Saturday, June 22, 2013

Nazarene General Assembly - Day 3

More workshops and more networking and of course more worship.
The day started for me with a workshop called, "Holiness in the 21st Century," with Dr. Carl Leth of Olivet Nazarene University.  A few highlights:
  • In recent years, unfortunately, the doctrine of holiness has more often been a place of controversy and struggle rather than proclamation and blessing.
  • The process and crisis debate has immobilized us unreasonably.  Process people believe in crisis, and crisis people believe in process.  A difference in emphasis shouldn't either freeze us or turn us against each other.  
  • We need to recapture the scope of holiness as involving the whole mission of God, redeeming and reordering our broken world.
  • Holiness is good news.  God can break in, ANYWHERE ANYTIME TO DO ANYTHING FOR ANYBODY.
  • People need to be nurtured in the holy life - with intentional discipleship and spiritual formation.
  • Most people in our world already understand sin and brokenness.  What we need is hope and holiness.  There is a whole world out there that wants to believe in a new and restored world.  What they need is someone to model its possibility.
After the workshop, I waited around until all of the casual questions and greetings were over, and then I pinned Dr. Leth to a cup of coffee and picked his brain for an hour.  Personally, I feel a mixture of encouragement and frustration.  I feel like our theologians are making progress dealing with the pragmatics of our doctrine of sanctification, but they still seem to feel loyally tied the old unhelpful doctrinal formulations.  But that's a story for another post.

After an awesome spinach, strawberry, blueberry, pecan salad with my mom, I spent about 2 hours at the Holiness Today booth in the exhibit hall.  I do some writing for them, so I was eager to spend a little face time with the editor.  We chatted between refilling the key chain giveaway canister and signing people up for subscriptions and gossiping about who might be the next General Superintendent.  And we laid out a bunch more story ideas for me.  :)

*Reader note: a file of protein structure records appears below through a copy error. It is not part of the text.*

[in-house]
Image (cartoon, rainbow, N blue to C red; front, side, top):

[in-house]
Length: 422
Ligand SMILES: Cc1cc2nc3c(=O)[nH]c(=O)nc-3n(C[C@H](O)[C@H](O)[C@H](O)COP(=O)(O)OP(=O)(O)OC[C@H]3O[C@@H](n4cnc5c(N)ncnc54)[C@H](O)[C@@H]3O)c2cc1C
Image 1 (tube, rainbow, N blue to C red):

Next, up was a great workshop with Greg Arthur (my senior pastor) and Scott Marshall (Portage Real Life Church of the Nazarene) on the disciple-making methodology of Jesus, particularly as taught by Mike Breen and the astoundingly wise folks at  A few highlights:
  • If you build the church, you may or may not get disciples.  If you build disciples, you get the church every time.
  • The goal of Christianity is to make disciples of Jesus who make disciples of Jesus (who are all involved in God's mission of healing our world).
  • One of the most effective methods for this is the "huddle" - an intense discipleship oriented small group, in which we ask a carefully chosen group of people to "follow me as I follow Christ."

We finished off the day with a worship service focused on God's call to holiness.  I won't go into that much, but I do want to tell one story.
The Church of the Nazarene is strong in Papua New Guinea, but it is not stronger than the tribal conflict which has fractured the nation for millenia.   Somehow early this year, a Nazarene District Superintendent was caught up in this conflict.  His people hid him and his wife in a safe house, but the wife left the house to look for her daughters.  While she was out, she was apprehended by 5 armed men in a truck.  They asked where her husband was and threatened her life.  She wouldn't tell.  They struck her wrist with a machete, but she wouldn't tell.  They put a gun to her face, but she wouldn't tell.  They fired the gun - an AK 47 - and she fell to the ground.  The noise alerted the village to trouble, and the assailants fled. 
Erica, the District Superintendent's wife, had only two small injuries - a bruise on her wrist where the bush knife had struck her and a burn on her face where the gun muzzle touched her skin.  The whole time she was being assaulted, she only said three words over and over, "Jesus, save me!"
When J. K. Warrick told this story in Chicago a few months ago, some retired missionaries came up to him after the service and said, "Now we know why.  For months, we felt that God was telling us to pray that the barrels of AK-47's would clog with mud and not be able to harm Christians.  We prayed this for about three or four months, and we felt relieved earlier this year."  (The time they felt release from this prayer was just a few days after Erica's attack, but they had no knowledge of this.)

I'm not a big promoter of miracle stories, but more and more I believe that we sell short the mystery and miraculous action of God in world.  God does amazing things, and in almost unbelievable ways, he wants us to participate in his mysterious miracles (like praying for guns to be clogged). 
Post a Comment